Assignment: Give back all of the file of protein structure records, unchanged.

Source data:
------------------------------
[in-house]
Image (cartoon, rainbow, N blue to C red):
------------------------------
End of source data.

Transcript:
[in-house]
Image (cartoon, rainbow, N blue to C red):